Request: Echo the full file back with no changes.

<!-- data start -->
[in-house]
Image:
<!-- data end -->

[in-house]
Image: